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Target fixation

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Target fixation is a process by which the brain is focused so intently on an observed object that awareness of other obstacles or hazards can diminish. Also, in an avoidance scenario, the observer can become so fixated on the target that the observer will end up colliding with the object.

This is a common issue for motorcyclists and mountain bikers. A motorcycle or bicycle will tend to go where the rider is looking; if the rider is overly focused on an obstacle (puddle of oil, tree, branch, patch of sand, small child, etc), the cycle can collide with that object simply because of the rider's focus on it, even though the rider is trying to avoid it.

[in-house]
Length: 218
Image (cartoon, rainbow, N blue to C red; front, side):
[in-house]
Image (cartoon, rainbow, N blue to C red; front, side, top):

The term "target fixation" may have been borrowed from World War II fighter pilots, who spoke of a tendency to want to fly into targets during a strafing run. For instance, it is believed that a previous head injury to Manfred von Richthofen, the Red Baron, caused the famed flying ace to develop that process that caused him to disregard proper caution and become an easy target for Australian machine gunners and fighter pilot, Roy Brown to fatally bring him down.


References

de:Target fixation

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